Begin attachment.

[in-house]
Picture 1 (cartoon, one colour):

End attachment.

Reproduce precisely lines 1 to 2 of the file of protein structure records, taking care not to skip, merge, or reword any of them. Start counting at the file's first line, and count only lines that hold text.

[in-house]
Picture 1 (cartoon, one colour):